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The Daily Wildcat

The Daily Wildcat


“The Fray provide energetic, full night at Centennial Hall”

Jacob Rader
Jacob Rader / Arizona Daily Wildcat

Maybe they’re finally listening, Wildcats: This is what we want.

The usually geriatric UApresents and the usually grossly out of touch ASUA finally hit the right note with the electric, acoustic show from Denver-based soft rockers The Fray, who played to an enthusiastic sold-out crowd in Centennial Hall last night.

It was a night that blended black denim, crooning vocals, lights, and not-too-sweet singing along into a frothy mix of just enough scuff and just enough swagger to make this year’s concert attempt much more on pitch with what UA students want than last spring’s Jay-Z debacle. Even if all you know about The Fray comes from their convenient pairing with “”Grey’s Anatomy,”” the enthusiasm and genuine-feeling congeniality with the band will leave you downloading more.  They played music pretty well, too.

The group of six played all the more famous songs of their double-platinum first album, but branched into lesser-known and even did a very well-received cover of Kanye West’s “”Heartless.”” Though the show started late and it took the band and the crowd a while to warm up, the entire band was impressively ambidextrous and animated.

Though hits “”How To Save A Life”” and “”Never Say Never”” garnered the most screaming, the band played everything with impressive enthusiasm. Unlike other rockers, these professional performers looked like real, healthy young dudes having a great time living the dream. The drummer in particular, clad in scuffed Vans slip-ons and a dapper fedora, was magnetic to watch as he rocked out in every sense on nearly every song. The other percussionist, tucked back on stage left, was also great, consistently killing it on tambourine and bongos.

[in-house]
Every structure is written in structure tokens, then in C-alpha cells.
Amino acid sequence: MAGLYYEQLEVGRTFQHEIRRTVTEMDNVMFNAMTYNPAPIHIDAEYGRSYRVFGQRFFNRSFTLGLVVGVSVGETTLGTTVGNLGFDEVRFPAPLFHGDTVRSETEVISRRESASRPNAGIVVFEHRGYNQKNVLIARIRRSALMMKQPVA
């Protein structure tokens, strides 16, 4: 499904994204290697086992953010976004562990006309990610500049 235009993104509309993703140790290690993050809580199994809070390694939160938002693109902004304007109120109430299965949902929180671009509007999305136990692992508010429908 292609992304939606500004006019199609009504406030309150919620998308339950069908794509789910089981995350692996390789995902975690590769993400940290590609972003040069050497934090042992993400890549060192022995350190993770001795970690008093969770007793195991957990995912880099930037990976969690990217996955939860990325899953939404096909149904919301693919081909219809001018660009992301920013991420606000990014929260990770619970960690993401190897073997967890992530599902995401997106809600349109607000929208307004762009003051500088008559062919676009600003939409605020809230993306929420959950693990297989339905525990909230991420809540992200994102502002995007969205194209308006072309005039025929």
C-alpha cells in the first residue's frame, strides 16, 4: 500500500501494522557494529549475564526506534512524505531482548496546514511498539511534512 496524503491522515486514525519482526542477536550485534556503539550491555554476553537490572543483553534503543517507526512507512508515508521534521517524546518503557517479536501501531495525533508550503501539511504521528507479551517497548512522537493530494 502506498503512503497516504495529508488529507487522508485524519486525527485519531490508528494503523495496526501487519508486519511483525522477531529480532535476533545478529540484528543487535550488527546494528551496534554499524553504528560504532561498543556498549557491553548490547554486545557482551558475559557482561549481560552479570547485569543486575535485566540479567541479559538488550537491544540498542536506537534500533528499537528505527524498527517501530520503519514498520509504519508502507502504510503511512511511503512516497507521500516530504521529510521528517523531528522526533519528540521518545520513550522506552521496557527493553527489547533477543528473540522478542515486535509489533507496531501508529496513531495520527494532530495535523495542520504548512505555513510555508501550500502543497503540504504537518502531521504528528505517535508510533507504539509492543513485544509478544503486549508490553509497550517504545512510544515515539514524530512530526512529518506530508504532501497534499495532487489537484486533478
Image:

They seemed admirably sober and front man Isaac Slade even apologized for the show’s half-hour delay. “”I was just sitting around absorbing your beautiful campus,”” he explained before dedicating the hit “”How to Save A Life”” to the audience. “”In every way, this one’s for you.””

Slade also expressed gratitude for the band’s show at the UA in 2007, when he says they were “”still pretty obscure.”” He went on to say, “”You were one of the early ones. That means a lot to us.””

Slade is a talented musician, playing both piano and acoustic guitar as well as lending his deep, just-gravelly-enough vocals to nearly every song. He’s also a fair showman, connecting with the audience about Tucson, the drummer’s Spanish talents (“”Hola, Tucson,”” he said, when prompted by Slade), and just how loudly Tucson could sing along.

Highlights of the night included both the shredding electric guitar by emo-handsome Tucson native (as reported onstage by a smiling Slade) Dave Welsh and the occasional vocals of flannel-wearing Joe King, who once played electric guitar and piano on the same song. Slade treated the audience to much humor, climbing on the equipment boxes and encouraging the crowd to sing along.

The high point of the energetic show may have come when Slade asked the audience to hush and proceeded to sing an entire verse to the full audience completely a cappella with no electronic projection at all. It took a minute to get the crowd quiet, and there were a few disrespectful shouts, but the inimitable performance and the roar of enthusiasm when the band joined him again are not easily forgotten.

The comparisons of this concert to last year’s failed Last Smash Platinum Bash are inevitable. The relative success of this one are best personified in an image, spotted toward the end of The Fray’s return to the stage: new ASUA president Chris Nagata dancing on the arms of his chair and singing along with Slade and the mostly-female audience that filled Centennial Hall.

I can’t presume to speak for too many people, but at least the 2,000 people present last night can agree: friendly, relatable, real-feeling bands like The Fray are what the UA is interested in seeing, on a Centennial Hall scale. We are not about rappers with crazy demands and tickets that cost more than our meal plan. It may sound weird and it may not be for everyone, but we’re about talented, sober guys who dance on pianos. The UA has, for once, an audible collective voice.

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